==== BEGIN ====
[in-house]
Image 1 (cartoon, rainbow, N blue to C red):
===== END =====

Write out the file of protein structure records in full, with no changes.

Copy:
[in-house]
Image 1 (cartoon, rainbow, N blue to C red):